Labour hints at backing Syrian intervention without UN support

Britain's opposition Labour Party leader Jeremy Corbyn. © Suzanne Plunkett
Labour leader Jeremy Corbyn has suggested the party could support some level of military intervention in Syria without the backing of the UN if Russia vetoes a Security Council resolution.

In a brief statement, the party leader said he “met with shadow cabinet colleagues today and [Shadow Foreign Secretary] Hilary Benn is setting out the position today.”

His statement accompanies an article written by Benn in the Guardian on Wednesday titled “If we are to help Syria’s people, we must take action.”

In the piece, Benn outlines the importance of securing a Syrian post-civil war plan with other nations, but added the government should be working to secure a UN resolution for military action in the country.

On the question of airstrikes against ISIL/Daesh [Islamic State] in Syria, it should now be possible to get agreement on a UN Security Council chapter VII resolution given that four of the five permanent members – the USA, France, Britain and Russia – are already taking military action against ISIL/Daesh in Iraq or Syria or in both countries. The prime minister should now be working tirelessly with other countries to try to secure such a resolution.”

Benn also emphasized the need to protect displaced Syrians, as well as those still living in the country.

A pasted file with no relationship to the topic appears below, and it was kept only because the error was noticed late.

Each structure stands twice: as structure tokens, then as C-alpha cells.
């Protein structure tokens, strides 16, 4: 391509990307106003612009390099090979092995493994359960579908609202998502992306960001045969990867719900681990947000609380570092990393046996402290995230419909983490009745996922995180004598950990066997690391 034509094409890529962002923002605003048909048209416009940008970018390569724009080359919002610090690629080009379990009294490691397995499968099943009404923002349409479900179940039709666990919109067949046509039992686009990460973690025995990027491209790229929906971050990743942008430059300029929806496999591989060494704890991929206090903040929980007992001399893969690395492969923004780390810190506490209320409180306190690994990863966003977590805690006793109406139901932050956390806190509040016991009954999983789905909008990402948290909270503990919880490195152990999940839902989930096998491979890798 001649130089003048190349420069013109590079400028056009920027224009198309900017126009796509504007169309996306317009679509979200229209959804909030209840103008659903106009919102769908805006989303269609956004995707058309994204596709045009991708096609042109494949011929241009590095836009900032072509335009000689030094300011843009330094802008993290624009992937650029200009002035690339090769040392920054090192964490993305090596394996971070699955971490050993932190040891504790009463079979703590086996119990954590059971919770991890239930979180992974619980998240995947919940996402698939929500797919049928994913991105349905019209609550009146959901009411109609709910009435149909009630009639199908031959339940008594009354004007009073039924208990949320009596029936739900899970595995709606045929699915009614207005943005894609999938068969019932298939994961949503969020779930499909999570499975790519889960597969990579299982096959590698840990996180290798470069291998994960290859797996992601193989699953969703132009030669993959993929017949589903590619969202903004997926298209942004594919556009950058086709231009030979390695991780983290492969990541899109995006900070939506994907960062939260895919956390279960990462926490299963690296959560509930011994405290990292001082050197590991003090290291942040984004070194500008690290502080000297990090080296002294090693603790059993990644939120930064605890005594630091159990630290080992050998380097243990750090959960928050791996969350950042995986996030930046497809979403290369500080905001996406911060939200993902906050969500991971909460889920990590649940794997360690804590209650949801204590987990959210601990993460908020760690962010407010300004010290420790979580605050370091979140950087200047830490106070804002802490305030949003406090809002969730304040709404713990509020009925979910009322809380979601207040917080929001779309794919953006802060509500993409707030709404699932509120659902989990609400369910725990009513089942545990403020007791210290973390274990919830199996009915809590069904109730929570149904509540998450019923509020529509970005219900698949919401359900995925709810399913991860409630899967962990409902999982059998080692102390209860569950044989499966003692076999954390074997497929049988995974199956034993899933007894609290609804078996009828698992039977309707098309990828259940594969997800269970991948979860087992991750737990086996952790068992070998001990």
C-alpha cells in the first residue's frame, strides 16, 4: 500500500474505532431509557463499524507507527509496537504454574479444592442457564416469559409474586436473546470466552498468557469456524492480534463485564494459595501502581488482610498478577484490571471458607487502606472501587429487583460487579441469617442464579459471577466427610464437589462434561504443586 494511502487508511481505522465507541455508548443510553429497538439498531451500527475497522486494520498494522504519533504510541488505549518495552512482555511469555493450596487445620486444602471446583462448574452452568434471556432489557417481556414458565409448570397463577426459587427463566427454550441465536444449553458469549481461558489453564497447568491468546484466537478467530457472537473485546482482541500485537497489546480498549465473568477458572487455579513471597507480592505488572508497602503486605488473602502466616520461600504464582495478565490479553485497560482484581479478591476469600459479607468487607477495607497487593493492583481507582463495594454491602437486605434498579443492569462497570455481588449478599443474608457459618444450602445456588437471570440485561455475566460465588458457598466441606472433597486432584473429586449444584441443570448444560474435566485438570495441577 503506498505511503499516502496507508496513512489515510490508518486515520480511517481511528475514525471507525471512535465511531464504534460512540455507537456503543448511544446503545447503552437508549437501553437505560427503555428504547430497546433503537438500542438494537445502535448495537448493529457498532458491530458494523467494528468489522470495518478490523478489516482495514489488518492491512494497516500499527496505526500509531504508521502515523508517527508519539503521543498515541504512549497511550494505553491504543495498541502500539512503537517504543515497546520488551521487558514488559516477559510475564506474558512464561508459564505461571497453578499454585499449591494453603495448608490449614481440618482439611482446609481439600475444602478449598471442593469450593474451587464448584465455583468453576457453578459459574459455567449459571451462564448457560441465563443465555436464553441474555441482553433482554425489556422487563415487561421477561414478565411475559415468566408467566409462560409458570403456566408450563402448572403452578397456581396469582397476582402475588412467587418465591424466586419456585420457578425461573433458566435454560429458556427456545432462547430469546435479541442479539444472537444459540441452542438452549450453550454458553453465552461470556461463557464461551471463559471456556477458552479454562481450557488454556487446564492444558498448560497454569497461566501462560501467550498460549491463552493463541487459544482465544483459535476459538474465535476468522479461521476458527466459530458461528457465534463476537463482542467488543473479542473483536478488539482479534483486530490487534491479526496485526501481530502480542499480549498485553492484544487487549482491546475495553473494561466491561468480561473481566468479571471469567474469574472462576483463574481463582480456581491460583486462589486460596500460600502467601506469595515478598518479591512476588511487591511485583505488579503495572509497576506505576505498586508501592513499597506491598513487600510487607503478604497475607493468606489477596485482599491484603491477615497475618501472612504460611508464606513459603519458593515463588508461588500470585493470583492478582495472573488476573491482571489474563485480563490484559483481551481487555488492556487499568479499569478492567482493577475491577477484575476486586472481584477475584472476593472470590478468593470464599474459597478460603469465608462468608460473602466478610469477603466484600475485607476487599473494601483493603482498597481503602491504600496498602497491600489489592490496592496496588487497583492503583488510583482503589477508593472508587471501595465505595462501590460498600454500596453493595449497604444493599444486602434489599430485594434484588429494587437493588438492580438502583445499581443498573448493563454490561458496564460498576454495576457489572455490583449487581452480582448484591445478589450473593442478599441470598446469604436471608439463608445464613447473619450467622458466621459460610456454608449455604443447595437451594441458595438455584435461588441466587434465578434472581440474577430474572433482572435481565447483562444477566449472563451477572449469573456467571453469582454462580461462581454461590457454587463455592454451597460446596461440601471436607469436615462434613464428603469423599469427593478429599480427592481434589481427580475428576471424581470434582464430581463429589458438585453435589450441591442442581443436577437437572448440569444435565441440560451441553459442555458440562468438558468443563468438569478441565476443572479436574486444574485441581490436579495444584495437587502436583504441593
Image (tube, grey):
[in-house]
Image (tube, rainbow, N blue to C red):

“Britain also needs to redouble its efforts and use its influence to urge the UN to act on the wider Syrian crisis to protect civilians through safe zones, hold to account those responsible for suspected war crimes, increase humanitarian aid, help refugees and agree a plan to bring the civil war to an end.”

The article suggests an attempt by the Labour Party to present a cohesive and collective shadow policy.

It was published after a meeting with Corbyn, Benn, Shadow Lord Chancellor Lord Falconer, Shadow Attorney General Catherine McKinnell, Shadow Defence Secretary Maria Eagle and Shadow Chief Whip Rosie Winterton to discuss the policy.

The foreign policy plans have been formulated in response to the new Russian bombing campaign which began in the past two weeks.

It will also be significant for the prime minister, who is currently attempting to build support for a Commons vote to begin military action in the country as part of a plan to oust Assad and end the civil war.

David Cameron needs at least 35 Labour MPs to support any upcoming vote on military action to ensure a victory. He will potentially need more if members of his own Conservative backbench rebel.